The first car accident occurred in 1896!


The victim was hit by a car moving at 4 mph (6.4km/h).

Bridget Driscoll was a 44-year old mother with two children who had come to London with her teenage daughter and a friend to watch a dancing display. The crash occurred on a terrace in the grounds of Crystal Palace in London and while the driver was reported to be doing 4 mph, witnesses described her at being hit by a car traveling at “tremendous speed”. She died minutes later of head injuries.

Car was owned by the Anglo-French Motor Car (Roger-Benz) Company who were offering demonstration rides to the public. At the time of the crash, the car was being driven by Arthur Edsell )an employee of the company). He had been driving for only 3 weeks (no driving tests or licenses existed at that time). He had apparently tampered with the belt, causing the car to go at twice the intended speed and was also said to have been talking to the young lady passenger beside him.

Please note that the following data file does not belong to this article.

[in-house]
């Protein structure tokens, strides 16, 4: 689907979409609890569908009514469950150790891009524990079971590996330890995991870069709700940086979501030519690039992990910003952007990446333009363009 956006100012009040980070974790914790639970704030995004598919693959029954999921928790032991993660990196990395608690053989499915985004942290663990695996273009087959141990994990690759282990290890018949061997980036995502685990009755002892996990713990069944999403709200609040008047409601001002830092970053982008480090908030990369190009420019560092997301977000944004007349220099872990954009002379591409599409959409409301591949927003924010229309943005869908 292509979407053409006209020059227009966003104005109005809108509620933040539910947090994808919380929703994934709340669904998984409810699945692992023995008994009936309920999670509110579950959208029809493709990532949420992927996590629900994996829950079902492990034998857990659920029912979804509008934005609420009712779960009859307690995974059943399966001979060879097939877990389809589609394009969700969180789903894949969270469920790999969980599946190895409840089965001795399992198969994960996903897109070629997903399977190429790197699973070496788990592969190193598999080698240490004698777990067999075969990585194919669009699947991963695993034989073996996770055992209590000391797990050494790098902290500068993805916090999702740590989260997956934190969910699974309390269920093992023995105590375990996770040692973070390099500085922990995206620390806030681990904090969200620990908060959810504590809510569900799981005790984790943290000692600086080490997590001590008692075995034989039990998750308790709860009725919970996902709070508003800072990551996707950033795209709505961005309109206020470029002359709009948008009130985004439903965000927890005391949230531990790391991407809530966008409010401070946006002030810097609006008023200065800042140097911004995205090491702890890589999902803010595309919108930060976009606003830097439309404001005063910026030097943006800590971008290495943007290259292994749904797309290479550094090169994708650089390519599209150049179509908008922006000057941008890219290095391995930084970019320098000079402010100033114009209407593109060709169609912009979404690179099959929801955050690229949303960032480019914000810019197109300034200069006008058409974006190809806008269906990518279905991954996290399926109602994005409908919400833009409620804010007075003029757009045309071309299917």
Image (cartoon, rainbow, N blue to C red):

After a six-hour inquest, the jury returned a verdict of “Accidental Death”. No prosecution was proposed or brought against the driver or the company. The Coroner at the inquiry is reported to have remarked: ‘I trust that this sort of nonsense will never happen again’.

Additional tags: arthur edsell

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